Exercising during pregnancy can protect children from obesity later in life, a study has found.
Previous studies have already demonstrated that exercise by obese women during pregnancy benefits their offspring.
But a new study has for the first time shown that the same is true when non-obese women are active during pregnancy.
Jun Seok Son, a doctoral student at Washington State University, who carried out the study, said: “Based on our findings, we recommend that women - whether or not they are obese or have diabetes - exercise regularly during pregnancy because it benefits their children’s metabolic health.
“Our data suggests that the lack of exercise in healthy women during pregnancy can predispose their children to obesity and associated metabolic diseases partially through impairing thermogenic function.”
The researchers examined the offspring of mice that performed 60 minutes of moderate intensity exercise every morning during pregnancy.
Offspring born to mice that didn’t exercise were used as a control group.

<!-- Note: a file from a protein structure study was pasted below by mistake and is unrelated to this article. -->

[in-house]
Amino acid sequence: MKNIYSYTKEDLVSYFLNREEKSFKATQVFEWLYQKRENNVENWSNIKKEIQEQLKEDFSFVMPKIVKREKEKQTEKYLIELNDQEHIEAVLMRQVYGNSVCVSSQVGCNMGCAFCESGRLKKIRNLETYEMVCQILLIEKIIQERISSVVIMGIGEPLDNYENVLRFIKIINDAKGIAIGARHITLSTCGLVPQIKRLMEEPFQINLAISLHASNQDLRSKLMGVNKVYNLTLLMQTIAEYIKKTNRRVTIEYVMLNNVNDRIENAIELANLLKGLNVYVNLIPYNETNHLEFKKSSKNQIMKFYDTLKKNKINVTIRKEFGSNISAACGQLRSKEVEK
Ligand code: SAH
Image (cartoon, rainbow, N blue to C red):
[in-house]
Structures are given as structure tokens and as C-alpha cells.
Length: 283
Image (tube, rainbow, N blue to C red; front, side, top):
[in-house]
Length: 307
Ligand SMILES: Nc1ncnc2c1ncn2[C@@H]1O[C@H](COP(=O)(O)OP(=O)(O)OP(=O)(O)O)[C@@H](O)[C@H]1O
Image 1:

At weaning, the offspring of the exercising mice showed increased levels of proteins associated with brown adipose tissue compared to the control group.
This type of tissue converts fat and sugar into heat.
The researchers also observed higher body temperatures in the exercise group, indicating that their brown adipose tissue was more efficient - or had a higher thermogenic function - which has been shown to prevent obesity and metabolic problems.
After weaning, the offspring followed a high-fat diet for eight weeks.
The mice in the exercise group not only gained less weight on the high-fat diet, but also showed fewer symptoms of metabolic diseases such as diabetes and fatty liver disease.
The researchers plan to perform additional studies to better understand the biological mechanisms responsible for the improved metabolic health in offspring of mothers who exercised.
Mr Son was due to present the research during the 2019 Experimental Biology meeting in Orlando, Florida, on Sunday.
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